work will aoou begin on the buildings.
John Bick has been arrested for
ailing! beer in York, one of the most
al aad strictly temperance towns in
i state. Twenty' six bottles were cou-
and in default of bail he was
swat to jail.
The D. k M. has completed srrange
sssnts to mu special trains to Lincoln
eaaring tbe slate fair from points within
rodin of 100 miles from the caplUI at
Cs sate of one fare for the round trip.
Tjsia the larger cities two special trains
mO so run each dy and from the smaller
teases one train per "
The resignation of James Whitehead
as representative from the Fifty-first
representative district has been received
by Governor Thayer and accepted.
Whitehead has received tbe government
appointment of deputy internal revenue
At a wedding near Sweede Ilome, says
a Stromsbnrg dispatch, a number of
guests ate freely of canned cherries, and
early next morning were taken violent
ly ill from poisoning. There was no
fatality, but many were seriously ilL
Charley and Allert Reedy, the little
sons of O. K. Reedy, of Beatrice, found
two revolvers on the top shelf of a cup
lmard. Charley thought ho would "see
the fire go," and aimed the revolver at
bis brother, the ball taking effect in the
Many improvementsare being made,
both in the business and residence lwr
tiou of Bloimiingtou. Two large fires
devastated the main business part of
town to years ago. The burned sec
tion bus been mainly replaced by sub
stantial brick buildings.
Tbe old settlers' reunion, which took
place at Pluttsmouth last week, was one
of the largest public demonstrations that
city has witnessed for many years.
Hundreds of old settlers and their fami
lies were present aud all were bountiful
ly biipplied with roast ox.
Major J. B. Davis, grand commander
of the Grand Army of the state of Ne
braska, died in Chicago last week,
where he had been for several months
under medical treatment. For a num
ber of years Mr. Davis published the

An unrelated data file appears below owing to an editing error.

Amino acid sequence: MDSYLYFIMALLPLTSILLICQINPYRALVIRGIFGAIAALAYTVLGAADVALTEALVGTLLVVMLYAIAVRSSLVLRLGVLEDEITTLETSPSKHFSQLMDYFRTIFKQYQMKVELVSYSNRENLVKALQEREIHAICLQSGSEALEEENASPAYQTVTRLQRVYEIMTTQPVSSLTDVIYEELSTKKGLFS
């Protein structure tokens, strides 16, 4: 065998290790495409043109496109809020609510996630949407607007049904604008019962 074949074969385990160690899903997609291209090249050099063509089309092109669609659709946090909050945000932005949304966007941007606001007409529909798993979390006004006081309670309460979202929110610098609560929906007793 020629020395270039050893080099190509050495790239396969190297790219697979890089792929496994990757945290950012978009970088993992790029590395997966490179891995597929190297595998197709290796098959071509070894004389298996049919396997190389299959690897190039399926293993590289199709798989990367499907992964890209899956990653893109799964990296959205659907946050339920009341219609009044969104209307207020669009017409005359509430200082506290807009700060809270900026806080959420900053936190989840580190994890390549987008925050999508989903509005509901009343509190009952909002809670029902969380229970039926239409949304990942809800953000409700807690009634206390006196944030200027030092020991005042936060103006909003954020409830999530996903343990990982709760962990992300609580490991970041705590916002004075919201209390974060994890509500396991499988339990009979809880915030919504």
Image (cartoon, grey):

The Nebraska City barbers are at
war. A majority of them petitioned
the council to close barber shops on
Sunday, but they declined to make the
order, and now the barbers have given
notice that they would enforce tbe
law regarding Sunday labor.
At Atkinson a tramp giving the
1. t . - : O
name ol vw it in in i dressing ciinnnaiiy
nssuulted Mrs. Deverek, a respectable
Bohemian woman. Her screams
brought her neighbors, aud he fled. Ho
was taken next morning and arraigned,
tried, and sent up for thirty days.
A runaway team was stopped near
Creigbton one day last w eek and a sleep- j
ing babe discovered in the bottom of
tho buggy. The team had started to
run at a point about five miles distant
while the parents of the child were out,
and the infant slept through it all.
Emma Liudhoff, a fifteen-year-old .
Lincoln girl, suicided by taking "rough j
on rats." The girl gave no reason for
the act, and all that is known concern- j
ing it relates to ner me ai nome wuu
her stepmother, and her persecutibuTjy
some neighboring children.
Judge Iaeger, of Chndron, met with
an accident last week while on duly at
the water -works dam. He was thrown
to the ground and a loaded wagon
passed over his body, tearing the judge's
left foot completely off at the ankle. He
resumed work, lion ever, and afterwards
procured another wooden limb.
Ethel E. Yarney, of Bennett, had
Frank Sidders, aged nineteen, arrested,
charging hiin w ith being tho father of
her unborn child. Sidders gave bond
in the sum of SI, 200. At the prelimin
ary the girl swore that she did not make
the charge of her own free will, but by
the threat of her father.
Omaha papers report that tbe state
development association lias a most en
couraging outlook. Although no offi
cial report has yet been received, a
number of counties have been heard
from and several will raise more than
1200, the amount specified as the pro
per contribution from each county.
Last week as workmen were remov
ing tbe last of a car load of bananas that